Which Technological Advance Of The Last 20 Years Has Most Made Your Life Easier?

In 1990, the internet was something used by fantasy baseball fanatics on CompuServe and mobile phones were the size of toddlers — a luxury for those who could afford to not use pay phones. Satellite TV meant having a massive dish on your property; millions struggled with programming their VCRs to tape L.A. Law; bills were paid by check… in the mail.

But of all the developments and advances that have occurred in the years since, which have had the most direct impact on the way you live? Obviously, I wouldn’t have a job — and you would be doing yours right now — if the Internet hadn’t exploded the way it did.

And then there are seemingly smaller things like direct-debit for paying bills, which has helped millions of absent-minded people (yours truly included) stay current on their payments and off the rolls of collection agencies.

Then again there are people we know whose lives aren’t today aren’t that different than they were 20 years ago — folks without cable TV, without cell phones, without digital cameras — and who seem just as happy as the rest of us.

So here’s your chance to tell us about those technologies that have truly changed your life — or how your life really hasn’t changed that much.

Comments

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  1. domcolosi says:

    It’s gotta be blue M&Ms.

    • raydee wandered off on a tangent and got lost says:

      I really miss the tan M&M’s … whenever I get candy from candy shops that have the M&M rainbow bins, I always get a small sack of them. While I like blue, I cannot help but resent blue for replacing tan.

  2. milkcake says:

    Cellphones and GPS. Now we have devices that combined both. Never a reason to get lost anymore and never have to look for pay phones.

    • Gruppa says:

      I would cull it down to just cellphones. Hell, they pack digital cameras, GPS, remote controls, the internet, games, stream video (TV) and more on a device smaller than your hand. You can also continue to struggle programming your VCR (tivo) using your phone. Also inclusive to the list in the OP, you can pay your bills online, through said phone.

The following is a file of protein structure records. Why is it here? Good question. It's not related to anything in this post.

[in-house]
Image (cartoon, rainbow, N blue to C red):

• mistersmith says:

      Agreed! I don’t care about 99% of “apps” but would pay the $90/month for my iPhone just to always have Google maps in my pocket. Amazing.

  3. Me - now with more humidity says:

    love that kitteh!

    • Applekid ┬──┬ ノ( ã‚œ-゜ノ) says:

      Yes, technological advances in Kittenry over the last 20 years have made my life easier. Without lolcats, the crushing despair, hopelessness, and absolute irrelevance of my existence can be forgotten one cheezburger at a time.

      Now where’s that rope… OOH, KITTEH!

    • Rickdude says:

      I love the smirk; it seems to be saying, “yes, I just fragged you… AGAIN!”

    • darabidduckie says:

      Why thank you; Amos has certainly been one of the most unique cats I’ve ever had.

      @rickdude: You should see what he does to ice cubes.

  4. digital0verdose says:

    Google

  5. mk says:

    Paying bills online is one of the best things for me. So much easier to set up a payment when I get the bill in my inbox and then know that a few days before it’s due it will be paid without me having to think about it. Takes the worry of how long a check is going to get there through the mail.

    Also, I LOVE my DVR and I hate to think of going back to watching TV without it. But if I had to, I would.

  6. pecan 3.14159265 says:

    Online credit card, banking and statements have been revolutionary. Basically anything that you want to be updated in real time hugely benefitted from technology. It used to be that when you got your statement, it was already about a week old. At that point when the statement was generated, your bank account might say one thing and it not really be an accurate reflection of your bank account. Now I can log into my accounts any time of the day and get a totally accurate assessment of my finances, save for a few unposted charges or a paycheck that hasn’t depositied. It’s a heck of a lot better than receiving my bank statement on Sept. 1 to realize that the statement itself was generated a week and a half earlier.

  7. thetango says:

    The Cooper Cooler. No more waiting for warm beer to become cold beer.

  8. fatediesel says:

    Direct deposit and online banking. I haven’t been inside a bank for years.

    • sonneillon says:

      I still occasionally get checks but yeah Not having to deposit a check every week has easily saved me days worth of time.

    • RandomHookup says:

      I had direct deposit with the US Army starting in 1983 (and I think it was around earlier than that). We started mandating that everyone have a plan for direct deposit in 1985 or so. You didn’t have to do direct deposit, but you had to have a bank account set up for it in case you deployed suddenly.

      • Nigerian prince looking for business partner says:

        Wow, I thought the Army was stilling paying cash back in ’83. I joined after you but many of the guys in my unit made it sound like they were getting paid in cash into the mid-80’s (they were probably exaggerating).